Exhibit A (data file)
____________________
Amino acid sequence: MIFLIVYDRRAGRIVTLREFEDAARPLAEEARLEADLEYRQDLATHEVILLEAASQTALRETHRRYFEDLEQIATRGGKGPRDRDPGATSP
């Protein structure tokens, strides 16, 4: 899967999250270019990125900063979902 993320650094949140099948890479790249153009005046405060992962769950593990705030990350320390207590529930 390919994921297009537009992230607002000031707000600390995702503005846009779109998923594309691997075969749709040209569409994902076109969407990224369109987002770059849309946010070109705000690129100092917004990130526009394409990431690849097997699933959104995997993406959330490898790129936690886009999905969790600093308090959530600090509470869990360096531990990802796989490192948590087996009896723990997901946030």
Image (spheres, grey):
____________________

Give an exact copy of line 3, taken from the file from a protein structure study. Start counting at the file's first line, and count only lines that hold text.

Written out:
Image (spheres, grey):